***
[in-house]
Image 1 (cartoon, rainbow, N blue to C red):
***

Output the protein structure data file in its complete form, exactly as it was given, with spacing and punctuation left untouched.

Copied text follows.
[in-house]
Image 1 (cartoon, rainbow, N blue to C red):